4. On behalf of the appellants several points have been urged in support of their contention that they were not guilty of contempt of court. Firstly, it has been contended that on the materials on the record, the High Court was wrong in proceeding on the footing that the two appellants were informed by the interested parties that an extension of the stay order up to May 23, 1958, had been granted in the case of the respondent. It has been argued before us that on May 20, 1958, the appellants did not know that the stay order had been extended till May 23, 1958, in the writ petition filed on behalf of the respondent Gurbachan Singh, though in another case of Didar Singh relating to allotted land in the same village, the appellants were informed by an advocate that the stay order had been extended till May 23, 1958. It has been contended before us that in the absence of positive evidence fixing the two appellants with knowledge of the extension of the stay order in the particular case of the respondent, the High Court was wrong in finding that the two appellants had wilfully disobeyed the order of the High Court. In order to appreciate this argument urged on behalf of the appellants it is necessary to state some more facts. In para. 17 of the application which the respondent made to the High Court for taking necessary action against the appellants for alleged contempt of court, it was stated that at 6-30 a.m. on May 20, 1958, two persons named Bir Singh and Avtar Singh went personally to the house of appellant No. 2 and told him that the stay order had been extended by the High Court and that they had been informed by the advocate on telephone. This allegation was supported by an affidavit made on behalf of the respondent. Appellant No. 2, however, denied this allegation in his counter-affidavit. In paras. 18, 19 and 20 of his petition the respondent stated that at about 7-40 a.m. on May 20, 1958 a written application was filed before appellant No. 2 in which it was stated that the High Court had stayed delivery of possession till May 23, 1958; this application was drafted by an advocate named Ganga Bishan, who acted on behalf of Didar Singh. The application was presented to appellant No. 2 in presence of two other persons named Mastan Singh and Teja Singh. Thereafter, an affidavit was also made on behalf of Didar Singh. This affidavit was presented to appellant No. 2 at about 8-15 a.m. Thereafter, appellant No. 2 went in a 'jeep' to appellant No. 1 in order to consult the latter. Appellant No. 2 saw appellant No. 1 in the latter's court room. He came out within a few minutes, and told Ganga Bishan that the affidavit should be presented to appellant No. 1. Thereupon, another application was written on behalf of Didar Singh and this was presented to appellant No. 1 supported by the affidavit already made on behalf of Didar Singh. Appellant No. 1 did not, however, pass necessary orders on the application till about 10 a.m., when he made an endorsement to the effect that the Tehsildar, Sirsa, should take necessary action. When the application was taken to the Tehsildar, he noted on it that the Naib Tehsildar, namely, appellant No. 2 had already left for the village to deliver possession. Thereupon Avtar Singh, Bir Singh, Didar Singh and Mastan Singh went to village Jagmalera where the lands lay and again met appellant No. 2. The application made to appellant No. 1 with his orders thereon was shown to appellant No. 2. It was alleged that appellant No. 2 was also shown the wording of the stay order as received by the party through a special messenger. Appellant No. 2, however, replied that he had been ordered to dispossess the respondent and insisted on his proceeding with the dispossession.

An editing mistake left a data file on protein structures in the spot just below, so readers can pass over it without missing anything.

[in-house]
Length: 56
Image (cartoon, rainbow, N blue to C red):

5. In his counter-affidavit appellant No. 2 admitted that on May 20, 1958 an application was presented to him by Didar Singh at about 7-40 a.m. He further admitted that an affidavit in support of the application was also presented to him. Appellant No. 2 then made the following significant statements.